Once hailed as the future of Tottenham, Marcus Edwards will have the chance to show why he was touted as the next Lionel Messi when the Sporting Lisbon forward faces his old club in the Champions League on Tuesday.
Edwards burst onto the Champions League stage with a dazzling display in Sporting’s 3-0 win against Eintracht Frankfurt last week.
The 23-year-old English winger marked his maiden Champions League start with his first goal in the competition, also providing an assist to remind Tottenham of the talent that briefly led him to be the Premier League club’s brightest young star.
Edwards’ career has taken a long and winding road since his teenage years, but he is relishing the chance to face Tottenham when Antonio Conte’s side visit Lisbon for this week’s Group D clash.
Born in the north London suburb of Enfield, Edwards dreamt of playing for Tottenham just a few miles down the road from his home.
That ambition was fulfilled when Edwards joined the club’s youth academy and made his debut as a substitute in a League Cup tie against Gillingham in 2016.
Edwards’ flamboyant style of play was inspired by hours spent gazing in awe at YouTube clips of Neymar and videos of Zinedine Zidane and Ronaldinho supplied by his father.
Edwards’ quick feet and skill impressed then Tottenham boss Mauricio Pochettino so much that the Argentine compared the teenager with Barcelona superstar Messi.
“His qualities, it’s only looks, his body and the way that he plays, remember a little bit from the beginning of Messi,” Pochettino said.
Yet Edwards, hampered by a serious ankle injury that required surgery, struggled to live up to Pochettino’s hyperbole.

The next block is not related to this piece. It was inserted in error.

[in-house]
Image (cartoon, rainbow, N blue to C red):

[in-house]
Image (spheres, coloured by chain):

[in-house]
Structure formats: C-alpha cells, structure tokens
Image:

He was loaned to second-tier Norwich in January 2018, but made just one appearance before returning to Tottenham for “personal reasons”.
Edwards also spent time on loan with Dutch side Excelsior before his Tottenham dream came to an abrupt end amid concerns over his work ethic and fears Pochettino’s praise had gone to his head.
Leaving Tottenham without making a single Premier League appearance, he made what proved a transformative move to Portuguese club Vitoria Guimaraes in 2019.
“There was a period where I was really close to getting into the team and then I ended up getting injured. I was out for like six or seven months, but that happens,” he said.
“Obviously, I wanted to play for Tottenham more times than I did because that’s my childhood club, but I don’t dwell on it. I just move on.”
Rather than be defeated by his exit from Tottenham, Edwards gratefully seized the chance for more playing time.
His fine form included a memorable Europa League goal back in north London against Arsenal.
“It wasn’t difficult. I was still young. I didn’t look at it as a step back,” Edwards told the ADN de Leao podcast of his move to Portugal.
“The main reason was they were in the Europa League. I saw it as an opportunity that I could grab with both hands.”
Edwards’ rise to prominence in Portugal convinced Sporting boss Ruben Amorim to sign him for a reported initial fee of 7.67 million euros ($7.78 million) in January.
He has already established himself as a popular figure with Sporting fans, making his Champions League debut against Manchester City last season.
Adapting to his new life in a foreign land has been helped by Amorim’s good grasp of English.
“I was surprised but his English is good,” Edwards said.
“(It’s a) brilliant club. I am very happy. I wasn’t nervous but it takes a bit of time to feel comfortable.”
While Edwards is thriving ahead of his meeting with Tottenham, he admits Lisbon will never surpass London in his heart, especially while his favourite meal isn’t available in Portugal.
“I love London too much. My takeaway foods, like Nandos!” he smiled.
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